The coated magnetic GO were equipped by co-precipitation manner with adding of ammonia solution (Deng et al., 2013). GO (0.5 g) was distributed in 220 mL distilled water and subsequently imperiled to ultrasound for 3 h. Then, the GO solution was gradually added into the coated magnetite nanoparticles solution. Next, the obtained blend was ultrasonicated for 60 min. Finally, the obtained nanocomposite were gathered by using a peripheral magnetic field, washed four times with distilled water, and lastly dehydrated in a vacuum stove at 60 °C.
2.6. Lipase immobilization
In this paper Fe3O4 CLEAs of lipase MG10 were achieved. The amino activated magnetite NPs (4.0 mg) were supplemented with lipase MG10 (3.0 mg/mL) in 100 mM of phosphate buffer (pH 7.5) and stirred for 30 min. After that, saturated ammonium sulphate (5.0 ml) was supplemented with the stirring for 1h at 4 °C. Glutaraldehyde solution (40 mM) was supplemented and stirred for 4 h at 30 °C to obtain enzyme cross linking. The magnetic CLEAs lipase were collected using magnet, and washed four times by the mentioned buffer and stored in the same buffer at 4 °C. Lipase was lastly immobilized on the functionalized nanomaterials representation to the method nominated in scheme 1. The magnetic CLEAs of lipase (3 mg) were mixed with functionalized mGO in phosphate buffer solution (3 mg/mL, 100 mM and pH 7.5) and stirred for 30 min at 30 °C. Next, the glutaraldehyde solution (40 mM) was accompanied into the resulting blend and stirred for 180 min at 30 °C (Talekar et al., 2012; Xie and Huang, 2018). Functionalized mGO-CLEAs lipase were gathered using a magnet, washed four times by 100 mM phosphate buffer (pH 7.5) and stored in the mentioned buffer at 4 °C. Temporarily, in the immobilization practice, the washing products were assembled to ponder the residual lipase. The protein amounts in the nanocomposite and washing results was dignified by using Bradford technique (Bradford, 1976).
2.7. Characterization of immobilized enzyme
Scanning electron micrographs (SEMs) of magnetic graphene oxide (mGO), coated magnetic graphene oxide (mGO) nanocomposites and coated magnetic graphene oxide (mGO) CLEA lipase (cMGO-CLEA-lipase) were acquired on JEOL JSM6360 (Germany) scanning electron microscope (SEM) run at 5 kV. EDX investigation of cMGO-CLEA-lipase was also done from select inside SEM image. FT-IR spectra were identified on a Shimadzu IR-Prestige-21 spectrometer in the spectrum of 400–4000 cm?1 subsequent the KBr pellet methods.
2.8. Biochemical characterization of lipase
2.8.1. Effect of temperature and pH on the lipase activity
The temperature activity profile of the lipase MG10 and cMGO-CLEA-lipase was explored by examination the lipase activity at varied temperatures from 10 to 70 °C at Tris-HCl buffer (100 mM, pH 7.5). For thermal stability examination, the free and immobilized lipase was pre-incubated in 100 mM Tris/HCl buffer (pH 7.5) at the diverse temperatures from 20 to 80 °C for 3h. At diverse time interval, a sample of lipase solution was selected and remaining enzyme activity was considered. Lipase activity was also investigated at different pH values. Different buffers (50 mM) such as sodium acetate (pH 4.5–6.5), sodium phosphate (pH 6.0–8.0), Tris/HCl (8.0–9.0), Glycine/NaOH buffer (9.0–11.0) were used.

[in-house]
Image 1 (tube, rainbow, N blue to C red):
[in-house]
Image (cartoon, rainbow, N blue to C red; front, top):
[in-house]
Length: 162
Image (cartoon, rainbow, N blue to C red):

2.8.2. Thermal tolerant of mGO-CLEAs-lipase
To exam the irreversible thermal inactivation of both forms of lipase, the lipase solution was incubated at optimal temperature for 3 h. At different time interval, aliquots were picked up and scanned for remaining activity.
Storage stabilities of the free and coated-MGO-magnetic CLEAs enzyme were also examined by placing enzyme solutions in phosphate buffer (100 mM, pH 7.5) without substrate at 4 °C. Every 2 days, cMGO-CLEAs lipase was picked up by a magnetic and washed by distilled water. After that, the activity of both forms of enzymes was measured as described formerly. The residual enzyme activities were dignified by calculating the original lipase activity as 100%.
2.8.3. Investigation of Kinetic parameters
Kinetic factors of both free and coated-MGO-magnetic CLEAs lipase were examined using several concentrations of substrate in 100 mM phosphate buffer (pH 7.0) at 45 °C. In both forms, 2 mg of lipase was used in assay reaction. The amounts of Vmax, Km factors for free and coated-MGO-magnetic CLEAs lipase were considered from line Waver-Burk plot of the initial reaction rates equivalent to different substrate concentrations.
2.9. Biodiesel construction
Enzymatic transesterification reactions were carried out by free and cMGO-CLEAs lipase and maintained for 48 h with a stirring speed of 160 rpm. The reaction consists of 0.4 g oil (oil from Ricinus communis), methanol (1:3 molar ratio between R. communis oil and methanol) and 0.2% enzyme (free or correspond lipase on support) (w/w, based on the oil weight, g). At diverse time intervals (6, 12, 24 and 28 h), 100 µl of reaction blend was picked up and diluted with the same volume of n-hexane solvent. Afterward, the sample was gathered and the upper layer (10 µL) was performed to gas chromatography (GC) investigation for biodiesel measurement (Ji et al., 2010; Wang et al., 2017; Malekabadi et al., 2018).